‘As a woman, you get screwed over at every stage: Helen Lewis talks feminism and nice women

Jack May 30 April 2016

It’s a sunny afternoon, and in the hustle and bustle of the Cambridge Literary Festival’s HQ at the Union, Helen Lewis, Deputy Editor of the New Statesman, is taking some time out to reminisce with me on the stairs.

“We had proper things to be upset about in my day, and I genuinely think this”, she says, reflecting back on her time as a student at university.

“Having the Iraq War and tuition fees were the best possible things that could have happened for student activism, because everyone really knew what side they were on, there was a very clear enemy and we were all united in the fight against someone else, and I don’t think there’s a defining issue that everybody feels viscerally attracted to, and that makes it harder.

“One of the great things about activism is that feeling of solidarity and that feeling you have of fighting alongside people and changing things is an achievement. It’s much harder now for students now to get that sense of solidarity and achievement.”

In her mind, this is the key problem with students: “I think every generation of young people comes slightly to an ‘end of history’ fallacy, where you think that everyone else above you was wrong, and thankfully you’re here to be right.

“I think as you get older you kind of mellow, but you also realise that you don’t start from nothing in activism. I always think about this with Germaine Greer. She’s crazy, and she’s said some really crazy things, and she’s not a person that I find a very easy person. But somebody who was pleasant and accommodating and didn’t want to upset anybody wouldn’t be Germaine Greer.

“Nice women don’t make history, and something like women even being in universities at all – that happened because [of] suffragettes and people of that era, who you might not agree with all their other policies, but you’re building on the work of other people, you’re always building on other people.”

At this point, I can sense that we’re touching on some nerves here. Helen Lewis is one of a group of feminists harassed online for being so-called ‘TERFs’ – trans- exclusionary radical feminists – a charge that centres on Lewis’ commissioning of so-called TERFs to write for the New Statesman.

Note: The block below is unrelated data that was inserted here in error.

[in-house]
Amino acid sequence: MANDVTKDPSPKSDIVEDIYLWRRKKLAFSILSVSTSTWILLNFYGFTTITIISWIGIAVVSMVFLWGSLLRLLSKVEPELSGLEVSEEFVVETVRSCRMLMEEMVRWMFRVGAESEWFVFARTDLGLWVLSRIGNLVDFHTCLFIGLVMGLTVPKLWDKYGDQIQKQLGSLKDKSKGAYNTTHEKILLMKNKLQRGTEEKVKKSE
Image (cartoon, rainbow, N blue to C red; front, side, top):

She claims it’s a misnomer: “I’m perfectly happy with people living in a different gender from the one they were born in, and I’m very up for using people’s correct pronouns and names. That all seems to me like common politeness, and that’s been the case for years now.

“You have to maintain your belief that we are on the same side – I want to fight for trans rights.

“Just because there are some bits of gender ideology that I disagree with, doesn’t mean that we’re in any way on a different page when it comes to the struggles.”

This all comes down to Lewis’ concern that feminism should try harder to be for all women. “Contemporary feminism very much excludes older women.

“Something like the pension inequality campaign, that’s not going to catch on in the same way that something like non- binary rights does because it doesn’t affect 20-year-olds.”

“You think it’s all kind of solved, and then you get near 30 and you realise that they haven’t solved that, actually, and there

will have been situations in which I didn’t get a job because someone thought ‘oh, she’s knocking on a bit, she’s probably going to take some time off and have a baby’.”

“Feminism’s something that grows throughout your life. As you go through your life you realise you get screwed over at every single stage, and you probably won’t viscerally feel it until you’re in the bracket that’s getting screwed over in that particular way.”

A cheerful assessment.